Through this period there were numerous strikes and other forms of labour agitation. From time to time, public transport was paralysed. Even schools came to a halt when students called for sit-ins.

Like in Malaya, the communist movement was also Chinese-identified in Singapore. In fact it was the same movement, for at the time, no one saw Singapore as separate from Malaya.

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Within the Cathay cineplex, one hall is posher than the rest. It is branded as "The Picturehouse" and is meant for art films and serious documentaries. Amir Muhammad's The Last Communist was screened there.

There were only 25 people in the audience. About 2 in 3 of them looked to me like academics and graduate students. Neat, clean, dressed conservatively but informally, with a hint of unconventional flair.

But 7 or 8 people in the theatre looked like they came from a different world. They were middle-aged men with pot bellies, some with glasses whose frames were 2 seasons out of date. They had thin satiny polo shirts with tired collars, the same kind one sees among those queuing in the betting lanes at the Turf Club.

As soon as they sat down, they removed their sandals, as if footwear was an encumbrance to be relieved of as soon as possible.

One guy in particular looked around repeatedly as if hoping that the surroundings might become more familiar with each turn of the head. Of course, they didn't. The large bucket seats, the plush carpet, soft designer lighting and the music - lyrical songs in the style of Andrea Bocelli or Russell Watson - all spelt Westernised capitalist elite.

Finally, he gave up with looking around and tried to make himself at home while waiting for the film to begin. He started to sing along, aloud, with the music. He didn't know the words -- they were in French and Italian, for heaven's sake - so he went la la la and ya ya yo. All in a desperate attempt to convince himself that he owned the space, and that he wasn't a fish out of water.

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The Last Communist is not a historical documentary, though it roughly follows a chronological path. It doesn't interview the now 82-year-old Chin Peng; it doesn't even show him. Instead it's an exploration of the landscape from which Chin Peng and the communist movement emerged, yet also an exploration of how that landscape - social and developmental, rather than physical - has changed. Or not.

The localities that the film visits, mostly in the Perak region of Malaysia where Chin Peng's formative years were spent, are nothing like the urban, industrial Malaysia of Kuala Lumpur and its surrounds that we more often have in mind; the former areas still have the feel of a neglected backwater. The people still speak in a babel of Chinese dialects, unrefined Malay and Tamil... and one man speaks in a slightly stilted, self-important form of English that went out of fashion 30 years ago. The camera shows us a Malaysia that is race-fractured still, even though one young man who looks obviously Malay, chose to speak in Chinese Hokkien.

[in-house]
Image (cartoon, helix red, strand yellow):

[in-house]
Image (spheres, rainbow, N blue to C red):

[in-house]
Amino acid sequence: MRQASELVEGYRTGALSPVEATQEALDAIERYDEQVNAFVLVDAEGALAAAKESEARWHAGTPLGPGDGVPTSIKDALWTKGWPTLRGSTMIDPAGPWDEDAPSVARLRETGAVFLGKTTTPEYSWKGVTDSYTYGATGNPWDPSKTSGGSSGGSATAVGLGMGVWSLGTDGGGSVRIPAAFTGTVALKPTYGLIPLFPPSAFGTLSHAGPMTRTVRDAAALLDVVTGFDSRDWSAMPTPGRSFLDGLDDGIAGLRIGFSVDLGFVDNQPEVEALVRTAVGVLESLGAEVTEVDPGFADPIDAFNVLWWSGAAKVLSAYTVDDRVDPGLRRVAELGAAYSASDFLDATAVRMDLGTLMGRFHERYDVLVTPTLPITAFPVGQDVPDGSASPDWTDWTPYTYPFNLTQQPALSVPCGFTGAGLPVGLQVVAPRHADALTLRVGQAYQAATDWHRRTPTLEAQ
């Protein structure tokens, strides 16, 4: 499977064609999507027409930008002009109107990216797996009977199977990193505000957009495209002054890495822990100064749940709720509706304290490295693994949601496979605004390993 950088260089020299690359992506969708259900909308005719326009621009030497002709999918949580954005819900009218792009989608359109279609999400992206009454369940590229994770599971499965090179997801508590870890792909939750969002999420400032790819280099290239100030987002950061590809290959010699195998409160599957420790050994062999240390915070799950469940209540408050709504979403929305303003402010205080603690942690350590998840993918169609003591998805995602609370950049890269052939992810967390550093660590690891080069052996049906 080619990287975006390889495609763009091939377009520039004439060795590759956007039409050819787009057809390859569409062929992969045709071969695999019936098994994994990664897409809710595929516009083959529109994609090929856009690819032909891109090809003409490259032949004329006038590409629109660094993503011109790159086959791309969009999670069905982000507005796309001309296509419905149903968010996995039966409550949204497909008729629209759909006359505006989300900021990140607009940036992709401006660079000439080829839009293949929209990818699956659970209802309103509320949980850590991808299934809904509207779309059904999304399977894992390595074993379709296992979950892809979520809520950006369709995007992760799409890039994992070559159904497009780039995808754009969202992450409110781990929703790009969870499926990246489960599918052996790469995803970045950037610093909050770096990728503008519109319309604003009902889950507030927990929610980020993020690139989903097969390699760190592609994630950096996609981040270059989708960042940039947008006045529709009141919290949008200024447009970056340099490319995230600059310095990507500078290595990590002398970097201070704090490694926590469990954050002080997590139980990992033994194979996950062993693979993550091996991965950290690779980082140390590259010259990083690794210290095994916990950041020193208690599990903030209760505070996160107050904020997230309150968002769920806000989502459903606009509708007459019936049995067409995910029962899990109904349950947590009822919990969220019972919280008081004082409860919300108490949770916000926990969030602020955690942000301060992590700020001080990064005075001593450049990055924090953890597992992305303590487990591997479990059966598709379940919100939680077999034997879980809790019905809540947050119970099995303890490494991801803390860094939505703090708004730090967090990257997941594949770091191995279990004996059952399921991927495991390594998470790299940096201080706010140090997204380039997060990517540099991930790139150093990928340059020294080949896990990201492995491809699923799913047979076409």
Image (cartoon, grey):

Yet, when the interviewees speak, one realises that something has changed. There isn't anymore an astringency in the throat that may convey a feeling of political outrage; quite the opposite, the film suggests that there is hardly any memory of the passions and sacrifices of just 1 or 2 generations ago.

In making the film, Amir revisited the small towns that were milestones in Chin Peng's early life. At each stop, he got a few townspeople to talk about themselves and their livelihoods. Some interviews were relevant to the overarching narrative, but others were less so. The guy who ran a bicycle shop just like Chin Peng's father did, referred to how motorbikes and cars were pushing his trade to the margins. The woman who worked as a pest-fumigator and fruit harvester at the plantation where the 3 killings occurred on 16 June 1948, told us she knew nothing of the history of the spot; she could only speak about her hopes for her children. But at other stops the interviews seemed to go too far off on a tangent. Getting townsfolk to talk about petai leaves' health benefits or how charcoal is made added little to the story. I really wanted to hear what they thought of their lives, their families' past and future.